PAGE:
ATOKA, Okla. (KXII) -- An Atoka father who caught the flu is now fighting for his life in the hospital.
"There was just nothing we could do, he was just one of the unlucky people this season," Shuana Keeler said.
Michael Keeler's family said he was a perfectly healthy 48-year-old man. He and his daughters had the flu, but as the girls got better, he continued to get worse.
On Dec. 23, he was suddenly short of breath and went into the ER. Since that day he's been intubated in the ICU.
"There are so many things that Michael is, he's a friend, he's a father, he's a husband, he's pretty amazing," Shauna said.
For the past month and a half, Michael Keeler's wife Shauna and their 4 and 5 year old girls have spent their days by his hospital bed in Oklahoma City.
"It's a rapid progressiveness, it's something you just don't realize is occurring until it's there," Shauna said.
Shauna is a nurse. She said once Michael tested positive for the flu, they did everything by the book. He'd even had a flu shot.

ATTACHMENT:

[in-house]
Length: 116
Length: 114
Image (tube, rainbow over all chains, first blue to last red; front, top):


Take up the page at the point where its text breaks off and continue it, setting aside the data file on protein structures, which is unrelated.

"Lots of rest, fluids, chicken soup, that kind of thing," Shauna said.
But things quickly took a turn for the worst. Now his treatment is geared toward saving his life.
"Multiple means of life support, dialysis, the ECMO machine, ventilator, multiple sedatives," Shauna said.
An ECMO machine works like a heart-lung machine.
The flu weakened his body, he developed double pneumonia and is recovering from acute respiratory distress syndrome.
"You basically expect in flu season, for it to be the very young or the very old to be affected, not the middle-aged people who were seemingly healthy before," Shauna said.
But this flu season is not typical and Michael's story is not the only one.
In the age group 18-49, the Oklahoma State Department of Health said 15 people have died this season after testing positive for the flu. With three months left in the season, there's already been a total of 129 flu deaths. The state record is 130.
There have also been a record 3,000 flu hospitalizations in Oklahoma, 500 more than last year and 2,400 more than the year before.
The Keelers are preaching prevention more than anything.
"Wash your hands, cover your mouth when you sneeze or cough, don't go into public if you feel ill," Shauna said.
Michael is still in critical condition but they will not lose hope.
"As long as he's fighting, we're fighting," Shauna said.
Michael works with disabled adults in Atoka. The community has raised nearly $5,000 for medical expenses to help a man they said always helps them.